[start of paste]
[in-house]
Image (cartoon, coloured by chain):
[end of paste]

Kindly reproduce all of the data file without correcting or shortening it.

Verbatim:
[in-house]
Image (cartoon, coloured by chain):